My shampoo advertises an "advanced system that helps restore up to 2 years of damage in 1 month..." this sounds like a BAD thing to me...restoring damage? wouldn't repairing damage be more fitting? albeit false advertising....

Apr. 16 2008 01:55 PM
Raconteuse from Brooklyn Heights

I believe I once read that 'dori' comes from Japanese, meaning street. While on leave, American GIs would get their 'R&R' on a certain street in Tokyo or Okinawa...you get the picture.

Apr. 16 2008 01:54 PM
shawn nelson from eugene, Oregon

okie dokie?

Apr. 16 2008 01:53 PM
Rachel from New Jersey

okey dokey is another rhyming pair that doesn't make a lot of sense.

To go "to hospital" is the british way to say it.

Apr. 16 2008 01:53 PM
Tierney Fitzmartin from Maplewood, NJ

Patricia,

Do YOU need to take a pause before using "I" or "me"? Or does that come easily? I am studying for an English teaching degree and this still does not come naturally for me.

Thank you!

Apr. 16 2008 01:53 PM
Shana from Brooklyn

Is the word "luddite," used to mean a person who opposes technology, is that a derogatory term?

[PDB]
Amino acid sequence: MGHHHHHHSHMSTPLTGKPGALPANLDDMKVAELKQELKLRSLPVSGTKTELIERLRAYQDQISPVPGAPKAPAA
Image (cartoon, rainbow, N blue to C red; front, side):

Apr. 16 2008 01:53 PM
PegB from NY, NY

Brian (post #36): Usually used by British speakers.

Apr. 16 2008 01:52 PM
Mo Mejia from nyc

I live in the Bronx and something that I hate is when people ask me if i'm going to the city, meaning Manhattan.

Apr. 16 2008 01:52 PM
Erica from 10024

Mark (#7) see the first cartoon in this week's New Yorker, at the end of the Table of Contents.

Apr. 16 2008 01:52 PM
Erica from 10024

Dissect. I agree wholeheartedly. Dissect means to take apart, literally dis-section. "Dy-sect" would be more akin to separating into two pieces, i.e. bisecting. The operating prefix here is "dis" not "di."

Apr. 16 2008 01:50 PM
brian from nyc

I hear news reporters often say "he went to hospital", instead of saying he went to THE hospital, is it proper to leave out, the, and if so why leave it out?

Apr. 16 2008 01:49 PM
Mike from N. Manhattan

If you have to outsource files to India and give them instructions you can't use "drill-down" or "get your ducks in a row" or some type of baseball terminology. They won't get what you mean.

Furthermore, I trouble over "me" and "I" a lot when writing, thinking or speaking. I use "me" at the end of a sentence if it's in a prepositional phrase.

Apr. 16 2008 01:49 PM
John from work

What about the use of onboard as a verb as in "That person is onboarded..." or We need to onboard these people (to the project).?

Apr. 16 2008 01:49 PM
Andrew

I meant, 'flee' of course. But on another note, I really enjoy Patricia's appearances. The whole "Mine Oliver" origin was enlightening.

Apr. 16 2008 01:48 PM
annie